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Type of publication: Journal Article
Type of document: Full Paper

Year: 2012

Authors: Amon, P; Klein, D; Springer, S; Jelovcan, D; Sofka, D; Hilbert, F

Title: Analysis of Campylobacter jejuni isolates of various sources for loci associated with Guillain-Barre Syndrome.

Source: European Journal of Microbiology and Immunology (2), 1 20-23.



Authors Vetmeduni Vienna:

Hilbert Friederike
Klein-Jöbstl Daniela
Sofka Dmitri

Vetmed Research Units
University Clinic for Ruminants, Clinical Unit of Herd Management in ruminants
Institute of Food Safety, Food Technology and Veterinary Public Health, Unit of Food Hygiene and Technology


Abstract:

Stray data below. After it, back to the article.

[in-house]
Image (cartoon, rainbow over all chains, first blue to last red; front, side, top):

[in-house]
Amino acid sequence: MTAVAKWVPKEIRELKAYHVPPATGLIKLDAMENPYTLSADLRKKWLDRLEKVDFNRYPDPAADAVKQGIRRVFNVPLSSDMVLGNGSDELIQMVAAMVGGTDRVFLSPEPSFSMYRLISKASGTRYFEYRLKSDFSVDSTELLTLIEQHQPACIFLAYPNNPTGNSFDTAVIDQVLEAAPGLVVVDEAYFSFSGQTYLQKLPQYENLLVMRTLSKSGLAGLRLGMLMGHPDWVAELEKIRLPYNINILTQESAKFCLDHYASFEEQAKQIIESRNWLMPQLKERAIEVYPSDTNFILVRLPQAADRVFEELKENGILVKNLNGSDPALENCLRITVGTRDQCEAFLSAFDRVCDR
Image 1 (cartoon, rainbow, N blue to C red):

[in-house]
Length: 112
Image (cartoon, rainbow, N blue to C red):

Campylobacter jejuni is a major cause of the Guillain-Barre syndrome (GBS) and related diseases. These autoimmune diseases are caused by antibodies cross-reacting with the peripheral (GBS) and central neural tissue (Miller Fisher syndrome -MFS, Bickerstaff's brainstem encephalitis -BBE), leading to acute polyneuropathy. Recently, specific gene loci in C. jejuni have been distinguished which are associated with the onset of GBS, despite a molecular or phenotypic clustering. In this study, we used PCR to analyse C. jejuni isolates of different origin (i. e. bovine, poultry, human) for these genes. A total of 196 isolates were tested for cst-II and neuA. Of these, 101 isolates harboured the cst-II locus and 102 the neuA locus. Eighty-six isolates (44%) hold both genes. The frequency of cst-II in different sources of isolates of bovine, poultry and human isolates did not vary significantly (52, 50 and 52%, respectively). In contrast, the neuA locus was less often found in poultry isolates. Two human strains -from a family outbreak of campylobacteriosis (in 1989 in Austria) in which one person developed MFS -harboured both genes. Thus, although only one in more than 3000 patients with Campylobacter-associated enteritis develop GBS, about half of Campylobacter jejuni strains found in different environments are possibly able to cause GBS. These strains almost equally distributed in bovine, poultry and human isolates. Our results suggest that isolates associated with GBS are not selected by environmental or host-specific factors. Accordingly, this study indicates that host factors such as humoral and cellular immunity are possibly responsible for the development of these autoimmune diseases.


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